data centre cloudThe rise of these hyperscale providers has led to the increase of a multi cloud strategy. Gartner found that most organisations already use a combination of cloud services from different cloud providers across private and public clouds.

Gartner’s 2016 research found that while the use of public cloud continues to increase, the use of private and hosted private cloud services is also expected to increase through 2017.

Cisco forecasts that 68 percent of cloud workloads will be hosted in public cloud data centres by 2020 and 32 percent to be in private cloud data centres, showing a significant rise in figures through 2017 alone.

“The increased use of multiple public cloud providers, plus growth in various types of private cloud services, will create a multicloud environment in most enterprises and a need to coordinate cloud usage using hybrid scenarios” said Gartner.

451 Research analysts, Penny Jones said the consolidation and M&A activity across Europe is to result in a potential ‘head to head’ of winners and losers.

Jones said: “While careful consideration should be given to risk, many providers find themselves in a race to the top. The number of buyers is also on the rise, providing opportunities for service providers or colocation operators seeking avenues for exit.”

According to 451 Research, winners in the race will be the differentiated players that want to remain competitive when changing the landscape.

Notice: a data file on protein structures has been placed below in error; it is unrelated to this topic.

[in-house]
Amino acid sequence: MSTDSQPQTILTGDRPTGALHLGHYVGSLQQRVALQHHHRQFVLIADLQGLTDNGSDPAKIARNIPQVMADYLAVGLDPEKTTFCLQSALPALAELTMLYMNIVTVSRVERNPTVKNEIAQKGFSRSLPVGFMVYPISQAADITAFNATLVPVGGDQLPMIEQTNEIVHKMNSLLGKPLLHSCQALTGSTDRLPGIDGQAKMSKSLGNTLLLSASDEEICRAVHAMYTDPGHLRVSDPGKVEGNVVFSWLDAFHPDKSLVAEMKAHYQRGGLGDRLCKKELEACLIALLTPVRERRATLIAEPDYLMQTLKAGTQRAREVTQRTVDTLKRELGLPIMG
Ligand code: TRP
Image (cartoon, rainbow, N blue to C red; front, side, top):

Whereas, losers are classed as Multi-tenant Data Centres (MTDC), hosting and cloud providers that do not understand the need to adhere to customers’ change in requirements.

This means that in order to compete with larger providers, customer requirements need to be met to avoid the potential threat that may arise.

Renewable energy

A recent paper by The Green Grid issued guidance that smaller data centre providers should follow in the footsteps of large hyperscalers by increasing the adoption of renewable energy.

Following recent advice issued by The Green Grid, smaller data centre providers are requested to follow the footsteps of large hyperscalers in adopting requirements, such as renewable energy.

Customer Services Director of The Green Grid, Roel Castelein argued that a take on more innovative approaches to renewable energy would be essential in reducing carbon emissions across the data centre industry.

Castelein said: “Data centre operators have already placed large emphasis on using natural resources to cool IT infrastructure such as free air cooling, and this same mind-set should exist when considering how the data centre should be powered.”

A growth in demand from businesses that are looking to use only green energy is playing a role in forcing data centre providers to turn green themselves.

For smaller data centre providers this presents an opportunity. The opportunity is presented because, in theory, it should be significantly easier to transform a smaller fleet of data centres into green ones than it is to transform a global offering.

green data centreDespite the rise of other trends that are set to boost the innovation within the data centre, energy should not be forgotten as a key challenge for data centre operators.

Jocelyn Paulley, Director at Gowling WLG said: “The world’s climate change agenda requires large consumers of energy to play their part in minimising or off-setting their usage.

“This area is prime for further legislation, especially given the amount of innovation in renewable energy we are seeing and the cost advantage that anyone offering cheaper, yet reliable, power could enjoy.”

Overall, trends within the data centre industry are expected to move towards the deployment of advanced technologies, with the adoption of cloud and renewable energy to pave the way for modular data centres.